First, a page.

Author: VU Faculty
The tragic December 2007 shooting of innocent shoppers at an Omaha, Nebraska shopping mall brought two quick questions to the VU "Ask an Expert" service. The entire mall was closed for 2-3 days during the peak holiday season and several stores were closed for two weeks, not reopening until the week prior to Christmas day. Does a business income policy respond to this business interruption?
"In light of some of the recent shootings, I was wondering how the companies deal with business interruption, extra expense and loss of income. Is it paid under vandalism? Is it paid under an indirect loss? I’m thinking of the situations like what happened at the Omaha Mall. I heard some of the stores were just reopening today after being closed two weeks. Obviously a consequential amount of business was lost. Just curious as to how these are being handled. Thanks."
"This morning on the radio I heard a story about the department store (Von Maur) in Omaha, NE re-opening after the shooting rampage on Dec 5. They have now been closed for two weeks. I begin to wonder about the insurance implications of this closure. After some research I found that the entire mall (Westroads Mall) was closed on Dec 6 and 7 after the shootings. Would a standard Business Income property policy with special form cause of loss provide coverage for this lost time? The department store may have suffered from "direct physical loss of or damage to property" and therefore may have a claim?
"What about other stores in the mall that didn't suffer any direct physical loss or damage to property? Two days of shopping during the Christmas season could impact a retail store heavily, couldn't it?!? Additionally, if somehow you could conclude that either the department store or other stores in the mall have coverage under the insuring agreement then would any exclusions preclude coverage? Ordinance or Law Exclusion? Governmental Action? The language of these exclusions don't really seem to apply but it is unclear to me. Are there any differences if the business entities are on a Businessowners Policy?"
Not to diminish in any way these tragedies, the mark of a true insurance nerd is someone who, when the initial shock wears off, immediately considers the insurance implications. This was the case for many of us when 9/11 happened. When I enter a restaurant, the first things I look for are sprinklers and emergency exits. Such is the curse of being an insurance geek. The following are some observations of the VU faculty.
Business income is triggered by a covered cause of loss that damages property at the described premises. Based on the limited information available, I don't think the shutdown was caused by damage to property but rather by order of the police because the mall was a crime scene. The "civil authority" additional coverage provides business income if a civil authority prohibits access to the described premises due to direct physical loss of or damage to property other than at the described premises resulting from a covered cause of loss. Unfortunately, I don't see any coverage for this situation.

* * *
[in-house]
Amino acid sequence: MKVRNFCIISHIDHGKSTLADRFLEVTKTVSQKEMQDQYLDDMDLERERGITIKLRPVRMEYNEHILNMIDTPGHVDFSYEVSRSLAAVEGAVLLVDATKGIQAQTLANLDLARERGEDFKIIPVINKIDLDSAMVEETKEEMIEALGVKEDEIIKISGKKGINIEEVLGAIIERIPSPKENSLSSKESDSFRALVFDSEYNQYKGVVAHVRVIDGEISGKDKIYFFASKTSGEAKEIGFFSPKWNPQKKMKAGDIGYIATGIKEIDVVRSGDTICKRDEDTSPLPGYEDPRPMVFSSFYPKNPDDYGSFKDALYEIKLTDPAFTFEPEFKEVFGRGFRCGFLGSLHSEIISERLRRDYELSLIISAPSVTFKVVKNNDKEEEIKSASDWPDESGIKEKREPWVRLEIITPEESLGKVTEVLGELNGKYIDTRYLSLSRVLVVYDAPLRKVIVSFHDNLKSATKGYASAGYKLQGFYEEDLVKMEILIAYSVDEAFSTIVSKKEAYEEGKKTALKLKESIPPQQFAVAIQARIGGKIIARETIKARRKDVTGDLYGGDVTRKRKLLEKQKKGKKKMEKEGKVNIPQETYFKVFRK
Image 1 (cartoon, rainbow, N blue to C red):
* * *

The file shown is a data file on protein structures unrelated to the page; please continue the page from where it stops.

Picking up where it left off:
Unless there are facts unknown to us, there is no coverage. BI requires suspension of operations due to damage to or loss of property at the described premises. Nothing that was done to the premises to suspend operations. The suspension was a voluntary decision of management. No coverage under Civil Authority as there was action of civil authority denying access to premises after the first few hours (and there is a 72 hour waiting period for BI). Beyond the investigation of the crime scene, the closings were a decision of management not of the civil authority as I understand it.
It would be interesting to see how the companies are handling the losses.
From an ISO forms standpoint, if the interruption is from a covered cause of loss to the premises of the insured, then there is coverage. A person shoots up the insured's store...if the coverage is under an ISO BOP, then the area is extended to:
(ii) Any area within the building or on the site at which the described premises are located, if that area services, or is used to gain access to, the described premises.
This could include lobby areas, etc.
If the area is closed by "civil authority," there could be limited coverage, based on the time closed, etc.
This is what the CP 00 30 04 02 says:
The "suspension" must be caused by direct physical loss of or damage to property at premises which are described in the Declarations and for which a Business Income Limit of Insurance is shown in the Declarations. The loss or damage must be caused by or result from a Covered Cause of Loss.
The BP 00 03 07 02 says essentially the same thing:
The suspension must be caused by direct physical loss of or damage to property at the described premises. The loss or damage must be caused by or result from a Covered Cause of Loss.
So, coverage boils down to the reason for the suspension. Was it really necessary in order to repair any damage and clean up the facility, or was it done for psychological or other reasons unrelated to any direct physical loss? In any case, unless otherwise modified, there is a 72-hour waiting period that would apply.
The fact that all bullets did not hit patrons but walls, would cause "property damage." The question is whether this property damage CAUSED the interruption of business. I doubt that the repair of the facilities would have taken two weeks, but that's a question of fact.